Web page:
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Minimize RSR Award Detail

Research Spending & Results

Award Detail

Awardee:RECTOR & VISITORS OF THE UNIVERSITY OF VIRGINIA
Doing Business As Name:University of Virginia Main Campus
PD/PI:
  • Vicente Ordonez
  • (434) 982-2225
  • vo2m@virginia.edu
Award Date:06/15/2021
Estimated Total Award Amount: $ 499,760
Funds Obligated to Date: $ 149,760
  • FY 2021=$149,760
Start Date:09/01/2021
End Date:08/31/2026
Transaction Type:Grant
Agency:NSF
Awarding Agency Code:4900
Funding Agency Code:4900
CFDA Number:47.070
Primary Program Source:040100 NSF RESEARCH & RELATED ACTIVIT
Award Title or Description:CAREER: Teaching Machines to Recognize Complex Visual Concepts in Images through Compositionality
Federal Award ID Number:2045773
DUNS ID:065391526
Parent DUNS ID:065391526
Program:Robust Intelligence
Program Officer:
  • Jie Yang
  • (703) 292-4768
  • jyang@nsf.gov

Awardee Location

Street:P.O. BOX 400195
City:CHARLOTTESVILLE
State:VA
ZIP:22904-4195
County:Charlottesville
Country:US
Awardee Cong. District:05

Primary Place of Performance

Organization Name:University of Virginia Main Campus
Street:85 Engineers Way
City:Charlottesville
State:VA
ZIP:22904-4740
County:Charlottesville
Country:US
Cong. District:05

Abstract at Time of Award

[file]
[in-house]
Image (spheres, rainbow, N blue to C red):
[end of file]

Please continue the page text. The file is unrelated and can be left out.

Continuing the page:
Modern computational systems for image recognition can be taught to detect objects among large sets of categories. However, in order to teach machines to recognize every new category, human operators need to annotate a large number of images with categorical labels. In practice many applications require a custom set of categories. For instance, a visual recognition model for detecting different types of furniture for an e-commerce application might require very specific categories such as ‘rocking chair’, ‘swivel chair’, ‘accent chair’, or ‘swivel accent chair’. Even an expert domain user that has a good idea in mind for what should be the visual characteristics that are important to recognize in each type of chair, would have to teach the system through annotating images individually. The goal of this project is to enable richer modes of interaction where ‘machine teachers’ would be able to guide the image recognition through direct feedback on the types of visual characteristics that are important for each new category. To this end we plan to exploit principles of compositionality where new categories can be defined based on basic concepts that are easier to recognize. The project will integrate research with the education and involve undergraduate students from underrepresented groups in the research. This project will devise new models that learn to recognize visual concepts compositionally by first discovering and then learning to recognize visual primitives that are shared across many classes. This process will also be tailored to maximize the utility in an environment where a user can guide the model through natural interactions including the use of language and direct manipulation through a visual interface. The project will be 1) developing methods to compositionally and interactively learn from textual descriptions 2) proposing methods to automatically discover primitives that are composable across categories, and 3) proposing models that can support interactions even after deployment. These three research aims will be complemented by a comprehensive evaluation plan, a public platform that exposes our methods in an interactive environment, and broadening participation activities. This research effort will bring novel designs in visual recognition models that offer people more expressive ways for guiding them and training them. This award reflects NSF's statutory mission and has been deemed worthy of support through evaluation using the Foundation's intellectual merit and broader impacts review criteria.

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